300g (2¾ cups) Jumbo oats
75g (½ cup) Rice/potato flour & extra for dusting
Pinch of salt
9 Tbsp (½ cup) boiling water
4.5 Tbsp (¼ cup) olive oil
(IMPORTANT NOTE: if adding extra ingredients, you will need to add more liquid to bring the mix together)
- 2-3 tsp dried rosemary, 1 tsp salt, 1 tsp pepper
- 2-3 tsp dried oregano, 1 tsp garlic powder, ½ tsp salt
- 2-3 tsp cumin seeds, ½ tsp salt
- 2-3 tsp dried thyme, ½ tsp chilli flakes, ½ tsp salt
- 2-3 Tbsp crystallised ginger, finely chopped, 1 tsp ground ginger, 1 tsp stevia
- 2-3 Tbsp chocolate chips, 1 tsp stevia.
- Try adding chilli flakes for a kick. Chocolate and chilli always go well together!
Preheat the oven to 150-160oC. Blend the rolled oats to a medium grind and place in a mixing bowl with the other dry ingredients. Mix well to combine. Make a well in the centre then add the olive oil and boiling water. Mix to combine, don’t knead. If required add a little extra hot water a tiny bit at a time until the mix comes together. Don’t make it too wet, it should be just about holding together.
Dust your workbench or chopping board with the extra flour and roll out the mix or press with the flat of your hand to your preferred thickness. I usually aim for about 3mm thick. Cut with a cookie cutter and place on a baking sheet. Cook in the oven for about 30-40 minutes until crisp and a light sandy colour (I find that the ginger ones are naturally darker). Leave to cool on a rack and then store in an air tight container.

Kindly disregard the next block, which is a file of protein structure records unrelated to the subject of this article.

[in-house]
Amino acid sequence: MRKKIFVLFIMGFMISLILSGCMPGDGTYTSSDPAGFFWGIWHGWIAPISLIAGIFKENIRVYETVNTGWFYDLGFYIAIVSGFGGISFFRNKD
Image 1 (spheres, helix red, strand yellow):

Being full of fantastic dietary fibre, oats are a genuine health food. Historically oats were mainly eaten as porridge, as a breakfast cereal or in baking such as oatcakes, cookies and bread. The health benefits of oats have been linked to the prevention of heart disease, colorectal cancer, lower blood pressure, improved digestion and reduced obesity.
Oats are packed with antioxidants that reduce blood pressure and provide anti-inflammatory properties and they are also bursting with vitamins and minerals such as B vitamins necessary for energy production, Iron, magnesium, zinc and potassium.
Oats don’t contain the elements that are often associated with gluten intolerance and can therefore often be tolerated by most people, however some celiac people may have an adverse reaction to other properties found in oats. Caution should be exercised and ensure that the oats are not manufactured in a facility that also produces wheat products.
The information on this page is not intended to replace the advice of your GP or a one on one relationship with a qualified health care professional and is not intended as medical advice. It is not intended for self-diagnosis, to treat, cure, or prevent any disease. I encourage you to make your own health care decisions based upon research and in partnership with a qualified health care professional.
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